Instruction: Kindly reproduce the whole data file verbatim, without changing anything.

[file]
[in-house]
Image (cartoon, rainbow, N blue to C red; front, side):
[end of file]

[in-house]
Image (cartoon, rainbow, N blue to C red; front, side):